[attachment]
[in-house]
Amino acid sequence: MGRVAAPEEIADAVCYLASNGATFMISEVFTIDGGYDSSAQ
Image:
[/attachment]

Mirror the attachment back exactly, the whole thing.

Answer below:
[in-house]
Amino acid sequence: MGRVAAPEEIADAVCYLASNGATFMISEVFTIDGGYDSSAQ
Image: